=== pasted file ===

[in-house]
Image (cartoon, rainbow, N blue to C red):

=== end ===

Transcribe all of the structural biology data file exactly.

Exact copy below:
[in-house]
Image (cartoon, rainbow, N blue to C red):